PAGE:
When it comes to job searching and career success, there are certain truths we've been conditioned to believe. Include an objective on a resume and you can kiss an interview goodbye. Arrive late to your interview and you can kiss that job goodbye. Steal from the job and you can kiss your career goodbye. In each of those cases, it's easy to see the connection between your choices and future success.
Sometimes the correlation is a little less clear, and occasionally, it's nonexistent. Here are three popular urban legends about how your lifestyle affects your career. Can you determine which are true and which aren't?
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1. Married workers deserve higher pay. There's been much news coverage on the pay disparity between men and women in this country. But what's less-often reported is the pay difference between married people and singles. Although single professionals arguably have more flexibility than coupled-up folks when it comes to accessibility to complete assignments, they're also historically paid less. According to the U.S. Census Bureau, the full-time median income for a married man between ages 18 and 64 was $55,958 in 2011. Married women in the same age group earned approximately $40,489, whereas single men earned around $34,634 per year. And single women? A piddly $32,593. Some experts say the unbalance harkens back to a period when men were the sole or key breadwinners of their households.
"Some are quick to suggest that married men earn their extra pay—that somehow they are better workers—but I think there is a different explanation," says Bella DePaulo, a social scientist and author of several books, including Singled Out: How Singles Are Stereotyped, Stigmatized, and Ignored, and Still Live Happily Ever After. "This is an example of singlism, or discrimination against single people. In studies in which married and single men are similar in their accomplishments ... the married men are still paid more than the single men."
The verdict: False. Many married people now are part of a dual-income household. And while couples often have children to support, so do many solo workers; there are approximately 13.6 million single parents in this country, the Census Bureau reports.
2. Bald men wield more power in the office. Political commentator James Carville, basketball great Michael Jordan, and marketing guru Seth Godin come from a deep bench of prominent men with shorn locks who command respect. But do we actually respect them more than men with hair, and if so, why?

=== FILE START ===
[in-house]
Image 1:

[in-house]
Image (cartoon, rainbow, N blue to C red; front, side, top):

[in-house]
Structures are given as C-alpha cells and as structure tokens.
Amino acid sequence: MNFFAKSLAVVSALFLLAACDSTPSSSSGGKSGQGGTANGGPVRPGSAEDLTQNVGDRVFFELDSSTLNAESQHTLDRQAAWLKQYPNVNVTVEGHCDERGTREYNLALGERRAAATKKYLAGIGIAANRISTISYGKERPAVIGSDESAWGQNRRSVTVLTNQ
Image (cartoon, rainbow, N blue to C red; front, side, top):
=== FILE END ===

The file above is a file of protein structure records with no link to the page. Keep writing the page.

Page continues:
Albert Mannes of the Wharton School of Business at the University of Pennsylvania published a study in the peer-reviewed journal Social Psychological & Personality Science on perceptions of the men with a full head of hair, shaved heads, and naturally thinning hair. He found that men with shaved heads were rated more dominant, masculine, stronger, and taller. "A likely explanation is that a shaved head in U.S. culture ... is associated with traditionally masculine professions ... and even Hollywood action heroes," Mannes says.
The verdict: True. Though Mannes is careful to point out that balding men aren't offered the same respect. "Men described with naturally thinning hair were viewed less favorably on a host of traits, whereas men described with a shaved head were viewed favorably," he says. "Shaving is a proactive, agentic act. That is what I believe leads to the differences."
[Read: The Pink-Collar Job Boom.]
3. Handsome employees earn handsome paychecks. Do you have an inkling that your good-looking colleague receives preferential treatment compared to your less-than-good-looking (read: ugly) co-worker? Guess what—when it comes to pay, you might be right. Daniel Hamermesh, an economics professor at the University of Texas in Austin, points out that although it's discriminatory to provide better compensation based on looks, it still happens.
Hamermesh, author of the book Beauty Pays: Why Attractive People Are More Successful, found that comely employees might earn an average of 3 to 4 percent more than a person with below-average looks. According to his estimation, that could result in approximately $230,000 more in earnings over the span of a career. "The reason is very simple. We're all customers and we like to deal with good-looking people," he says. "Beauty is more scarce, so employers are willing to pay more for good-looking people." According to Hamermesh's work, better-looking people also often have better self-esteem, and therefore, are more comfortable requesting more pay and negotiating higher salaries.
The verdict: All-of-the-time unfair, but some-of-the-time true.